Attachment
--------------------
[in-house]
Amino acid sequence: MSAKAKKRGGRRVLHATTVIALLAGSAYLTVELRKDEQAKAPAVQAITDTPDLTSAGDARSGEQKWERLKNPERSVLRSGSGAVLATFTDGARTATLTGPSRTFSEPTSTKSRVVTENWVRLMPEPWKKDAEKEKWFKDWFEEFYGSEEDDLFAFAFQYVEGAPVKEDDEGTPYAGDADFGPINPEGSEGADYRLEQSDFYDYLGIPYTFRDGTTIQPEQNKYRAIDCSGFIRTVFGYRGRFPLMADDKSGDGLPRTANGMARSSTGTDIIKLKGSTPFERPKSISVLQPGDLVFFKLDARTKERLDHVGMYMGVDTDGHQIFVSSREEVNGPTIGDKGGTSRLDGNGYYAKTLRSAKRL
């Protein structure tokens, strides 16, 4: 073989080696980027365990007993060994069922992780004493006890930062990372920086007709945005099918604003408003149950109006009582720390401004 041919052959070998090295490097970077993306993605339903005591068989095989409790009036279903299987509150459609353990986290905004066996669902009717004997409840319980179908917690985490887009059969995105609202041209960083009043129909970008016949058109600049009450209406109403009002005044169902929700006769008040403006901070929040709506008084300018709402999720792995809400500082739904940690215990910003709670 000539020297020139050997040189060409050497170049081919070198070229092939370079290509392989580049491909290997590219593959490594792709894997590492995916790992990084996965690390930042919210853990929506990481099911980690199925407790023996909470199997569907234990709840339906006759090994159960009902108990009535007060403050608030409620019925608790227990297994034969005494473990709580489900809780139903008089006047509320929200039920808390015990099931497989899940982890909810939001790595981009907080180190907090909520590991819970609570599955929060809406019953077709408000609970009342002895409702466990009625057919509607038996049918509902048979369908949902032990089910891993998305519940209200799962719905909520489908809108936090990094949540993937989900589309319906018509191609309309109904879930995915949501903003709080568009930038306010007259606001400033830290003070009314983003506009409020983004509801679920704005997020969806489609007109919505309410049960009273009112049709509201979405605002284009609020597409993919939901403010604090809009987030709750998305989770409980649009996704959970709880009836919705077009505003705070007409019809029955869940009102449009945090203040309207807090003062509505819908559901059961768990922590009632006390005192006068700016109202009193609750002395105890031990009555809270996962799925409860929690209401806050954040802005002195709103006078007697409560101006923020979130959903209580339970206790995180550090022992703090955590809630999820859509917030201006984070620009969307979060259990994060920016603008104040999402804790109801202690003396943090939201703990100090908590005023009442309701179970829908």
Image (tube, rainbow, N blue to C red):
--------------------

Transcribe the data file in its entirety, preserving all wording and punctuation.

[in-house]
Amino acid sequence: MSAKAKKRGGRRVLHATTVIALLAGSAYLTVELRKDEQAKAPAVQAITDTPDLTSAGDARSGEQKWERLKNPERSVLRSGSGAVLATFTDGARTATLTGPSRTFSEPTSTKSRVVTENWVRLMPEPWKKDAEKEKWFKDWFEEFYGSEEDDLFAFAFQYVEGAPVKEDDEGTPYAGDADFGPINPEGSEGADYRLEQSDFYDYLGIPYTFRDGTTIQPEQNKYRAIDCSGFIRTVFGYRGRFPLMADDKSGDGLPRTANGMARSSTGTDIIKLKGSTPFERPKSISVLQPGDLVFFKLDARTKERLDHVGMYMGVDTDGHQIFVSSREEVNGPTIGDKGGTSRLDGNGYYAKTLRSAKRL
């Protein structure tokens, strides 16, 4: 073989080696980027365990007993060994069922992780004493006890930062990372920086007709945005099918604003408003149950109006009582720390401004 041919052959070998090295490097970077993306993605339903005591068989095989409790009036279903299987509150459609353990986290905004066996669902009717004997409840319980179908917690985490887009059969995105609202041209960083009043129909970008016949058109600049009450209406109403009002005044169902929700006769008040403006901070929040709506008084300018709402999720792995809400500082739904940690215990910003709670 000539020297020139050997040189060409050497170049081919070198070229092939370079290509392989580049491909290997590219593959490594792709894997590492995916790992990084996965690390930042919210853990929506990481099911980690199925407790023996909470199997569907234990709840339906006759090994159960009902108990009535007060403050608030409620019925608790227990297994034969005494473990709580489900809780139903008089006047509320929200039920808390015990099931497989899940982890909810939001790595981009907080180190907090909520590991819970609570599955929060809406019953077709408000609970009342002895409702466990009625057919509607038996049918509902048979369908949902032990089910891993998305519940209200799962719905909520489908809108936090990094949540993937989900589309319906018509191609309309109904879930995915949501903003709080568009930038306010007259606001400033830290003070009314983003506009409020983004509801679920704005997020969806489609007109919505309410049960009273009112049709509201979405605002284009609020597409993919939901403010604090809009987030709750998305989770409980649009996704959970709880009836919705077009505003705070007409019809029955869940009102449009945090203040309207807090003062509505819908559901059961768990922590009632006390005192006068700016109202009193609750002395105890031990009555809270996962799925409860929690209401806050954040802005002195709103006078007697409560101006923020979130959903209580339970206790995180550090022992703090955590809630999820859509917030201006984070620009969307979060259990994060920016603008104040999402804790109801202690003396943090939201703990100090908590005023009442309701179970829908």
Image (tube, rainbow, N blue to C red):